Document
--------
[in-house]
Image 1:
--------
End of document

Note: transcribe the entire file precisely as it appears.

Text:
[in-house]
Image 1: